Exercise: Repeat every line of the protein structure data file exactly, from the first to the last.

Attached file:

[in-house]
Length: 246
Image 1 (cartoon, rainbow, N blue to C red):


[in-house]
Length: 246
Image 1 (cartoon, rainbow, N blue to C red):